The European Union condemns in the strongest terms continuing settler violence and deliberate provocations against Palestinian civilians. It calls on the Government of Israel to protect Palestinian civilians from violence, bring the perpetrators of any such acts to justice and to comply with its obligations under international law.
Fully recognizing Israel’s legitimate security concerns, including with regard to vital threats in the region, the EU is appalled by recurring instances of rocket attacks from Gaza and condemns in the strongest terms any violence deliberately targeting civilians. The EU calls on all partners in the region to prevent arms smuggling into Gaza, while, at the same time, being aware that the situation in Gaza and southern Israel will remain unstable as long as Gaza remains politically separated from the West Bank.
The EU continues to call for the immediate, sustained and unconditional opening of crossings for the flow of humanitarian aid, commercial goods and persons to and from the Gaza Strip. To this end, the EU calls for the full implementation of Security Council resolution 1860 (2009), the full respect of international humanitarian law and full implementation of the 2005 Agreement on Movement and Access.
The EU has consistently called for intra-Palestinian reconciliation behind President Mahmoud Abbas in line with the principles set out in his speech of 4 May 2011, as an important element for the unity of a future Palestinian state and for reaching a two-state solution.
As regards the specific issue before us today – i.e. the protection of Human Rights – the EU and Israel engage in regular dialogue on these matters in the framework of our bilateral relationship. Considering it essential to preserve the universal character of the global human rights system and governments’ responsibility to fully engage with it, the EU has called on Israel to resume full cooperation with the UN Human Rights Council, the Office of the High Commissioner for Human Rights and the Universal Periodic Review. Neither Israel nor the work of these institutions benefits from Israel’s withdrawal from these UN mechanisms.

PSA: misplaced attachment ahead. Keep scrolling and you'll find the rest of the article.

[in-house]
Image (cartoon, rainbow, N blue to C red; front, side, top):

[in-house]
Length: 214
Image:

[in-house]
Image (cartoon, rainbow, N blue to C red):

The EU recalls that support for human rights defenders is a long established element of the European Union’s human rights external relations policy. The EU considers that in both Israel and the occupied Palestinian territory human rights defenders play an important role in promoting the common values of democracy, peace and human rights. The EU recalls the legitimate right of Palestinians to engage in peaceful demonstrations.
The EU remains concerned about the extensive recourse by Israel to administrative detention of excessive duration without charge. Under international law, detainees have the right to be informed about the reasons underlying any detention and to have the legality of their detention being determined without undue delay. The EU calls upon Israel to bring formal charges against these individuals, with such charges being determined through fair trials. The EU welcomes the recent agreement reached on conditions of detention in Israeli prisons and urges both sides to abide by their undertakings.
In conclusion, let me stress once again that the European Union will continue to work with its partners within the Quartet, as well as with the other actors of the international community, to contribute to a comprehensive settlement of the Arab-Israeli conflict. The EU will continue to provide political and financial support to this effect and, in so doing, will continue to place particular emphasis on the need for full respect for international humanitarian and human rights laws.
Thank you, Mr. Chair.
* Croatia, the Former Yugoslav Republic of Macedonia, Montenegro and Serbia continue to be part of the Stabilisation and Association Process.